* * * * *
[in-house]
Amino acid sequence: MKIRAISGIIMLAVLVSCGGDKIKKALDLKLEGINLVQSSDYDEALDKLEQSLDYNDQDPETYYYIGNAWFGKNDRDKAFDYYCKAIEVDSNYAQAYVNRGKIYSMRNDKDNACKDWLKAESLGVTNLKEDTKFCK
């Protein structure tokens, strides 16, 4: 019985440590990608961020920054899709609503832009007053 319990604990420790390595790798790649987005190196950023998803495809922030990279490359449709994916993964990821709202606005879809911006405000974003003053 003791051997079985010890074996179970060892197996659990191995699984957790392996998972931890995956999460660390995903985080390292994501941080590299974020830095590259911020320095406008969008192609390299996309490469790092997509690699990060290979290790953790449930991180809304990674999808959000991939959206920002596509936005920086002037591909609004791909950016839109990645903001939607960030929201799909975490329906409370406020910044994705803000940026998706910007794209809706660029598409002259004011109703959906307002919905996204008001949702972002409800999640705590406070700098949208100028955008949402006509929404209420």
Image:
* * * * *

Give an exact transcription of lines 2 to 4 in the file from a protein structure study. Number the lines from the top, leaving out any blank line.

Amino acid sequence: MKIRAISGIIMLAVLVSCGGDKIKKALDLKLEGINLVQSSDYDEALDKLEQSLDYNDQDPETYYYIGNAWFGKNDRDKAFDYYCKAIEVDSNYAQAYVNRGKIYSMRNDKDNACKDWLKAESLGVTNLKEDTKFCK
């Protein structure tokens, strides 16, 4: 019985440590990608961020920054899709609503832009007053 319990604990420790390595790798790649987005190196950023998803495809922030990279490359449709994916993964990821709202606005879809911006405000974003003053 003791051997079985010890074996179970060892197996659990191995699984957790392996998972931890995956999460660390995903985080390292994501941080590299974020830095590259911020320095406008969008192609390299996309490469790092997509690699990060290979290790953790449930991180809304990674999808959000991939959206920002596509936005920086002037591909609004791909950016839109990645903001939607960030929201799909975490329906409370406020910044994705803000940026998706910007794209809706660029598409002259004011109703959906307002919905996204008001949702972002409800999640705590406070700098949208100028955008949402006509929404209420």
Image: